FRANKLIN COUNTY, TN (November 8, 2022)—The Open Space Institute (OSI) today announced the protection of more than 600 acres along the biologically rich Cumberland Plateau. The successful conservation effort, completed by TennGreen Land Conservancy and local property owner Robert D. McCaleb, secures a critical regional resource for forest carbon storage while expanding a growing wildlife corridor for sensitive and rare species.
The 620-acre “Custard Hollow” property is fully forested and home to ecologically important caves. It contains more than a half-mile of Custard Hollow Creek, designated as “significant” by the Tennessee Rivers Assessment Project, and is located within an extensive conservation corridor atop the Cumberland Plateau that includes Bear Hollow Mountain Wildlife Management Area, Walls of Jericho State Natural Area, and South Cumberland State Park.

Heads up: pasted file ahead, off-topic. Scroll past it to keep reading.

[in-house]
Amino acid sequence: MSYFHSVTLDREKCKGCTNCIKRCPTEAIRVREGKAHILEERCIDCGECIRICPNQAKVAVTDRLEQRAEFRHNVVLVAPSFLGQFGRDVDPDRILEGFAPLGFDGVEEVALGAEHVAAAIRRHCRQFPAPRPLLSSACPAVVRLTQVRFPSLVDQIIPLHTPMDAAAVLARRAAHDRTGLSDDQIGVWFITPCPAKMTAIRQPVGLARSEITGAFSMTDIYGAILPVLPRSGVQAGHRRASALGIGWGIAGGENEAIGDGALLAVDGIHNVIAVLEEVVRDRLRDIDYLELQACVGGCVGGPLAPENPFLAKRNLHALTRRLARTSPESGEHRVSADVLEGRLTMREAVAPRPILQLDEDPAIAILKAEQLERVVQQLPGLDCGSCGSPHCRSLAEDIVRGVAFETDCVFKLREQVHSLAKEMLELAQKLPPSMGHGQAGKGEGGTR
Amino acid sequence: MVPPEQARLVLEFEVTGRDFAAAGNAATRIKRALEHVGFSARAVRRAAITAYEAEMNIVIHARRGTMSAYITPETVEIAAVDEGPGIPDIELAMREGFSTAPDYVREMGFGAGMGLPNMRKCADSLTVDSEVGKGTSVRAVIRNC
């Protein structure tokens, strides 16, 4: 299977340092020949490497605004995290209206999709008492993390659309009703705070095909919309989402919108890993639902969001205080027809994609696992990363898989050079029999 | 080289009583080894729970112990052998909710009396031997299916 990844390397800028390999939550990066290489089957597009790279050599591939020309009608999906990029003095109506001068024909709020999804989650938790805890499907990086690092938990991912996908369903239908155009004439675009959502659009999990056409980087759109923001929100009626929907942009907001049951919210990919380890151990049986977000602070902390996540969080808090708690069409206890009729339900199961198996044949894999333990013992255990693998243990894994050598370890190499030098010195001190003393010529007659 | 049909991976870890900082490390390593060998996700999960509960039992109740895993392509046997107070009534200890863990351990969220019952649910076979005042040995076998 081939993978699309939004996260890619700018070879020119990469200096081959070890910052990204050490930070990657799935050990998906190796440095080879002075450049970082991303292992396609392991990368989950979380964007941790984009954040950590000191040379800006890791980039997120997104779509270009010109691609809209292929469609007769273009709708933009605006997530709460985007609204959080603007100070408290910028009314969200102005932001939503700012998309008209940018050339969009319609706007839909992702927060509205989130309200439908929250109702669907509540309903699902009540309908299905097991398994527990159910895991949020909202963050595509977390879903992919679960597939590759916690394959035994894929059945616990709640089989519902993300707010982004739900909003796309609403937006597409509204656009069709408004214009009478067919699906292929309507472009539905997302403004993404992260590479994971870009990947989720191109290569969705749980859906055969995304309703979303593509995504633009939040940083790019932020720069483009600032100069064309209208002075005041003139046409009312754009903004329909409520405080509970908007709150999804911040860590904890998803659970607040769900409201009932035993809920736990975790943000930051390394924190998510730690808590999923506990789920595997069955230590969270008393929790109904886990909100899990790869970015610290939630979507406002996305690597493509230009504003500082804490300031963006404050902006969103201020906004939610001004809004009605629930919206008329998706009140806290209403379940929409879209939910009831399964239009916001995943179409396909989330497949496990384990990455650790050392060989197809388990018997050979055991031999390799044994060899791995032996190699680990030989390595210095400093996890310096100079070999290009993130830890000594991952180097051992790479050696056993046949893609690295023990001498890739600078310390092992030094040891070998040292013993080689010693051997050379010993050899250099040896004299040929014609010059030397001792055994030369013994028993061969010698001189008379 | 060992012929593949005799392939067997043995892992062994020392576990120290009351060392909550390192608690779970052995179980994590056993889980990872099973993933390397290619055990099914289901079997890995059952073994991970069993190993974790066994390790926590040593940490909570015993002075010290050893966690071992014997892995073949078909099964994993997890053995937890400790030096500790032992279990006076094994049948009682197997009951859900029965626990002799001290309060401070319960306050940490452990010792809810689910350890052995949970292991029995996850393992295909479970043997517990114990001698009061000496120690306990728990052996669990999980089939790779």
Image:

Support for the project came in large part from OSI’s Appalachian Landscapes Protection Fund (ALPF). The ALPF supports land protection along the Appalachian Mountain range, an area that is home to the world’s largest broadleaf forest, stores most of the nation’s forest carbon, and provides an essential refuge for plants and animals at risk of habitat loss from climate change. The Fund is made possible thanks to major support from the Doris Duke Charitable Foundation and additional funding from the Lyndhurst Foundation, Riverview Foundation, Footprint Foundation, and the McKee family from Collegedale, Tennessee.